I had not heard of Ada Blackjack before seeing this book. The story sounded interesting, and since it was on sale, I figured why not.
Blackjack was only of five people (and the only woman as well as the only Inuit) to go to Wrangel Island, a decision that seems to be an ill conceived attempt to prove a silly point as well as to gain a useless island from Russia.
Gain for the Canadians that is.
This book will make you want to find Dr Who, steal the Tardis, go back in time, and hit people upside the head.
While Blackjack was Inuit (Eskimo), she was raised in the city so the survival skills that many of people learned, she didn’t have. Her first husband was abusive, and her first son ill. She took a job as a seamstress to the men going to Wrangel Island. Once there, far from home, things went bad quickly.
It is to Niven’s credit that she doesn’t whitewash anything, though she presents it with a degree of understanding. While the men’s treatment of Blackjack at some points is reprehensible, Niven points out why the men might have saw it as necessary, even as she points out while Blackjack acted the way she did. The treatment of Blackjack after her rescue is less understandable. The best parts of the book are those chronicling Blackjack’s struggle to survive on the island, in particular her discovery of her strength.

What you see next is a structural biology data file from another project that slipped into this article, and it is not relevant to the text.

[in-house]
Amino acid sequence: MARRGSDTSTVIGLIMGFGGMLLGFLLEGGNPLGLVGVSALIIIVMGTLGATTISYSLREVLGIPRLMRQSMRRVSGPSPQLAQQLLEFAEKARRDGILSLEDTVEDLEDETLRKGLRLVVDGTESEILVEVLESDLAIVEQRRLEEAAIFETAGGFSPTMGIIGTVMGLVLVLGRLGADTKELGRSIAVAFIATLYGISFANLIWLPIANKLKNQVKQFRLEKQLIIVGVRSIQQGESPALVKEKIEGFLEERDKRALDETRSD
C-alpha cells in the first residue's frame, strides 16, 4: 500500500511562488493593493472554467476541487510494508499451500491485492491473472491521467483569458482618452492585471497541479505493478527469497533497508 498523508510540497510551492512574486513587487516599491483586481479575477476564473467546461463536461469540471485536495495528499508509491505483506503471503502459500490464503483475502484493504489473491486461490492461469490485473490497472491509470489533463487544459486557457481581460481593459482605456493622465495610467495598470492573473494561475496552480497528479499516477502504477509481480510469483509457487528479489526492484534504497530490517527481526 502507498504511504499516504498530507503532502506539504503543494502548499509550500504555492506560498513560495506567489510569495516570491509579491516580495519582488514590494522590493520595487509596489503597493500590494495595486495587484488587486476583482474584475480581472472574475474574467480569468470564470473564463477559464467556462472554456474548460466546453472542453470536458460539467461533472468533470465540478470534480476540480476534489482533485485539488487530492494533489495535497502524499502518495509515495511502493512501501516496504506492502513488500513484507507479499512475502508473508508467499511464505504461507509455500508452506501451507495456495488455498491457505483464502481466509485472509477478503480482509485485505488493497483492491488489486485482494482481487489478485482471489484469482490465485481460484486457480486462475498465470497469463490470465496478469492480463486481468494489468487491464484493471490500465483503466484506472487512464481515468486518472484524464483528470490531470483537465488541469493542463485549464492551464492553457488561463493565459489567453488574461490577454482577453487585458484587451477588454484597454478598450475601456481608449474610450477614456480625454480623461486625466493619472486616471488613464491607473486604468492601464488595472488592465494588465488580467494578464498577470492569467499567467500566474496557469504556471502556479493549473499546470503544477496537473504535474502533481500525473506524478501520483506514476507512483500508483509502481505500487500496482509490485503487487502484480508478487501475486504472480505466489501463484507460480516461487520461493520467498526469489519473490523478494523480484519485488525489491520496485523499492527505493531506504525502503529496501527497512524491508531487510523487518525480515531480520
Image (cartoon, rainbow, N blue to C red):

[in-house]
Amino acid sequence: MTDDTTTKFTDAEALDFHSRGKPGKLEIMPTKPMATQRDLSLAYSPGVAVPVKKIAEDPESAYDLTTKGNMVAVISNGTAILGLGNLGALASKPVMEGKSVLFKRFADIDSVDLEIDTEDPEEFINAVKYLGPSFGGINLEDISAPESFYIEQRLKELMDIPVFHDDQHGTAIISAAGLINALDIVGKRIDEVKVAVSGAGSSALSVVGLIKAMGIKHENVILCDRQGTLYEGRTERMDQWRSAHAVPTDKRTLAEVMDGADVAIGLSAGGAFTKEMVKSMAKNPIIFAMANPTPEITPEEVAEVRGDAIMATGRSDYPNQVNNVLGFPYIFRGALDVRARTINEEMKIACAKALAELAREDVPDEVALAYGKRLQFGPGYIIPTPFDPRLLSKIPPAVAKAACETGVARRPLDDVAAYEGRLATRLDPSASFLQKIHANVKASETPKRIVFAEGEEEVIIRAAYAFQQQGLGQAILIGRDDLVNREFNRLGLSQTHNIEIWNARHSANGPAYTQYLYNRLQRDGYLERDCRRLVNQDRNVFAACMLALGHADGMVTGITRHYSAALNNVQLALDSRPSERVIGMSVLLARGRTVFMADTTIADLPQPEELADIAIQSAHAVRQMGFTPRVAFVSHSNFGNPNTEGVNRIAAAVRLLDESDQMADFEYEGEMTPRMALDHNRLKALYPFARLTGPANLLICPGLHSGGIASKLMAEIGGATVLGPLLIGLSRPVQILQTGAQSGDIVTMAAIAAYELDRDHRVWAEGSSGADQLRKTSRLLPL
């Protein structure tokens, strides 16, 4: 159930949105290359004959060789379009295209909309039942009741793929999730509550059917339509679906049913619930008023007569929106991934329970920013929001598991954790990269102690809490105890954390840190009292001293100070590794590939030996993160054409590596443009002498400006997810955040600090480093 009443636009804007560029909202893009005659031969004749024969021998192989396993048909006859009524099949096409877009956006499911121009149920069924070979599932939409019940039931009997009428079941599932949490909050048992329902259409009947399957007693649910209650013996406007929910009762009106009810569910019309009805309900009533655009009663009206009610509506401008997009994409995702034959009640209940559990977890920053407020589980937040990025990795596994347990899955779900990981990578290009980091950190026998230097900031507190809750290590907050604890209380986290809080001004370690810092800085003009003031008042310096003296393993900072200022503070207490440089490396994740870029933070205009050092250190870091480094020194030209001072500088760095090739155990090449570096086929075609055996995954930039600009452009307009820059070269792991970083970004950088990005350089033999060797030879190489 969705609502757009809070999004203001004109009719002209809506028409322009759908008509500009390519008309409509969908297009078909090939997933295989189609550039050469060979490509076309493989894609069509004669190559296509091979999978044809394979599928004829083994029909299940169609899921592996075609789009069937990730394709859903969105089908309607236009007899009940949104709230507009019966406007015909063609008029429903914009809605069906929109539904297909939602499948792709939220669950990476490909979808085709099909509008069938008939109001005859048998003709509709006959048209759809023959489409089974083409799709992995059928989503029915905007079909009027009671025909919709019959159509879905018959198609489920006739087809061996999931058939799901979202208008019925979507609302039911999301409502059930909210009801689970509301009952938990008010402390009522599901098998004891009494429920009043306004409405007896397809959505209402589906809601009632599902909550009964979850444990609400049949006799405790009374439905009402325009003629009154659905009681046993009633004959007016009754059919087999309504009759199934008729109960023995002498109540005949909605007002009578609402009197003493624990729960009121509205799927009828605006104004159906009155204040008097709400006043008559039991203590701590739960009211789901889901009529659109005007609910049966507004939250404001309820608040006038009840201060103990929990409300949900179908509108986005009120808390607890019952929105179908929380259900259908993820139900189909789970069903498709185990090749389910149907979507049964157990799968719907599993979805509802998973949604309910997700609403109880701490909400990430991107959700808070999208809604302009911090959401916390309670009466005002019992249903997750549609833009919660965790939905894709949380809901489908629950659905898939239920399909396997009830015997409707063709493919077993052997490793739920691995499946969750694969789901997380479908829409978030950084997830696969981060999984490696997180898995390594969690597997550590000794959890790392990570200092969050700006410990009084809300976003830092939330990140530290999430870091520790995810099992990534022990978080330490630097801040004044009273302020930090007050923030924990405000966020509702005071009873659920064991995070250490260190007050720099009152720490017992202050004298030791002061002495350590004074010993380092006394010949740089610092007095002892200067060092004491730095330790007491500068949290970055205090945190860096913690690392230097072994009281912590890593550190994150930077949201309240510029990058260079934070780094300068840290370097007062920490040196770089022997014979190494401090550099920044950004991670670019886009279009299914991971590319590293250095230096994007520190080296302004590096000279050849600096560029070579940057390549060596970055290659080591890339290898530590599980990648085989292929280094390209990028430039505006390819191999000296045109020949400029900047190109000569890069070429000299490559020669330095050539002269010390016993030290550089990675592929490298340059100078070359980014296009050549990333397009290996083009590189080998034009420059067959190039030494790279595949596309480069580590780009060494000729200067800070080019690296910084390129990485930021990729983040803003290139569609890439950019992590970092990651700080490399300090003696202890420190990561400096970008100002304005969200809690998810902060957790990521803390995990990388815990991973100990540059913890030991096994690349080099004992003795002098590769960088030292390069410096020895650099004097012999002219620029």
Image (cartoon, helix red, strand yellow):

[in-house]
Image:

The book does confront, though doesn’t entirely answer, questions about men and women were viewed, and the white man’s view of the Inuit, in particular of Inuit women.
Disclaimer: Arc via Netgalley.
While I live in the same city which Walcott spent much of her life and have been to the Smithsonian many times, I can honestly say that the name did not register with me. I can say that after reading the book, I must have seen some of her paintings of plants (she was call the Audubon of Botany), but it never stuck.
Walcott was a Quaker who married for the first time in her fifties, angering her father who saw her as his permanent nurse.
That’s not the most fascinating thing about her however.
Jones’ book is a short biography, more like an introduction to Walcott. Yet, there is much here that will make any reader want to investigate further, not just about Walcott but about the other women who she sometimes met, and whom her father blamed for her betrayal. It is almost as if these women, who explored the environment are their own club. It’s quite interesting.
Perhaps the iffiest part of the book is the section concerning Walcott’s view on Native Americans. She was appointed a commissioner for the Bureau of Indian Affairs. Walcott’s view on Native Americans, while sympathetic, was more in keeping with her times and is, at the very least, disturbing and disappointing to read today. It is true Jones’ credit that she doesn’t try to whitewash this and even compares Walcott’s reaction to that of Estelle Brown, whose views are more in keeping with today. She also examines why the views were different and why Walcott would not have supported someone such as Lydia Maria Child.
ARC via Netgalley.
I really couldn’t care less about American football. Truly, couldn’t care less. Yet, I felt it was necessary to read this book because even I am aware of the various stances sport writers have taken over the name of Washington, DC’s football team. It’s like the only time I have like Bob Costas (I have never forgiven him for describing a cantering horse as flying like Pegasus).